From SABR member Ben Lindbergh at The Ringer on July 25, 2017:
If you study the box scores from the 2016 Japan Series, the season-ending showdown between the last surviving teams from Nippon Professional Baseball’s Pacific and Central leagues, you’ll spot two patterns that look like anomalies to American eyes.
First, there are the repeated appearances of Nippon Ham Fighters star Shohei Otani, who filled a triple role in the series as a starting pitcher, pinch hitter, and DH. But Otani is a singular sensation, as unique in Japan as he would (or will) be in the states. Another tidbit from those box scores is more representative of the broader differences between the MLB and NPB brands of baseball: In the six games it took to decide the series, the Fighters and the Hiroshima Carp combined for 16 sacrifice bunts. One was credited to Yoshihiro Maru, the Carp’s no. 3 hitter, who recorded a team-best .322/.408/.547 slash line during the regular season but bunted in the sixth inning of Game 2, with a runner on second, no outs, and a 2–1 lead.
By contrast, there were only three sacrifice bunts in last year’s World Series, which went seven games. That rate of 0.21 bunts per team game was a perfect match for the MLB-wide regular-season rate. In the majors, the sacrifice bunt is an endangered play; teams are bunting only half as often as they did as recently as 1994, and they’re setting new all-time lows with almost every passing year. This season, MLB players have bunted only 0.19 times per team game. NPB players, meanwhile, have bunted about 0.80 times per team game, 4.2 times the MLB rate. MLB teams haven’t bunted that frequently since 1939.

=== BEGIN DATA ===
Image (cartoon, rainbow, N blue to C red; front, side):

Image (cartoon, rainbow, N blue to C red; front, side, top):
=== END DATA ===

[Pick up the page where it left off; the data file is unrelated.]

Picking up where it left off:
There are cultural causes of Japan’s continued embrace of the bunt. As Robert Whiting, author of the acclaimed book about Japanese baseball and culture, You Gotta Have Wa, told me for a previous article about Japan’s most extravagant bunter, Japanese baseball “has always been a team sport” that places a high “value on harmony, everybody contributing.” In that environment, bunting is encouraged; in Whiting’s words, “the more the better.”
Read the full article here: https://theringer.com/yusuke-okada-japanese-bill-james-sabermetrics-nippon-professional-baseball-e8e42fe874d9
Originally published: July 25, 2017. Last Updated: July 25, 2017.